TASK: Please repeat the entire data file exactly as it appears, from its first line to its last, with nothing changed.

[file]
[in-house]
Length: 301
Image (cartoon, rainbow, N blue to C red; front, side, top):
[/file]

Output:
[in-house]
Length: 301
Image (cartoon, rainbow, N blue to C red; front, side, top):